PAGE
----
I can only speak from my own situation, so I guess I'll just put myself right out there.
I'm a single bi momma, and have been in serious relationships with partners of both genders. I honestly can see myself forming a family with someone of either sex. I happen to be dating a het male at the moment, but this past winter and spring I was involved with a lesbian female. So that's my current scorecard, I guess.
Regardless of the gender or sexual identity of my partner, I will still always be bisexual. I will always consider myself queer. The idea that your own identity changes depending on the people around you is horrifying to me. My identity is mine... I own it, it is me. By saying that who I am is maleable based on the relationships I choose to have feels very.... invasive.
Sidenote, but related (really!!). My father, when I was 22, took me aside and told me that he felt he had done his job as my father and that he would really prefer if we would just stop the parent-child father-daughter nonsense and just live the rest of our lives as friends. While he and I have always been friends and related somewhat better on a friendship-type level than on a traditional parent-child level, that does not negate the fact that he is indeed my father and I am indeed his daughter. I refuse to give him the power over me to tangibly change my identity. He is free to stop acting like my father, but he cannot simply say "ok, I am now taking away your identity as my daughter, and from this day forward we will simply be friends, like Joe Blow down the street or Mike from the old neighborhood."
Similarly, if I settle into a long term monogomous relationship with a het male, then I cannot, will not, just shed my bisexuality. I am not bi because of who I have sex with. That's like saying that a virgin lesbian teenager isn't really lesbian because she's never had sex with a female. It feels belittling to say that your identity is based on your surroundings.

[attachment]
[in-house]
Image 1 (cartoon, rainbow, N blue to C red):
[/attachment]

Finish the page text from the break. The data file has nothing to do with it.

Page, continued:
Okay, I'm going to alter something I just said. Maybe I am bi because of who I have sex with. But I am QUEER because of the lifestyle I lead, and I will lead that lifestyle regardless of who I am committed to. I am an activist, I am involved, queer rights are important to me and thus to my loved ones. I do not buy into much of what is considered traditional in regards to relationships. I am more queer than many of my traditional, conservative lesbian friends who have life partners.
If I were to marry a het male, then yes I would be afforded privilages that perhaps you are not. Of course, I am also free to reject many of those privilages, or to perhaps use those privilages as a way in to open people's eyes, to help redraw the lines of what is accepted or considered status quo. I can refuse to live the assumed life and live the (very loud, very proud) life that I want.
If I marry a lesbian female? Then I guess I use the blocks that are stacked against us to climb on, shout from the top of, rearrange, and maybe knock over.
And what if I marry a bi male, or a bi female? What if I am in a long-term poly relationship? What if I marry a transgendered male? A gender-neutraled person? Then would I pass the test of being a queer? Of labeling my family as queer?
I really do understand your OP, Kincaid, and I think that this is a very interesting thread, so I thank you for starting it. I absolutely understand the sacrifices and/or benefits that people accept as a result of their relationships. Many bi people are bi on a sexual level and not on a life level, which doesn't contribute much to eradicating the discrimination and unequality that we should all be fighting to overcome.
But to demean the validity of the lifestyles of those of us who are living, breathing, existing as queer regardless of who we fall in love with does nothing to level the playing field either. All that does is alienate queer sisters and brothers with yet more labels and differences.
I will never know what it is like to be a lesbian. I am not one. If I marry a woman, I still won't be a lesbian. I don't know what it's like to be straight, either. I'm not heterosexual. If I marry a man, I won't be straight. I do know what it's like to be queer, and even if I never have sex with or love or am loved by any man or woman again, I will still be queer.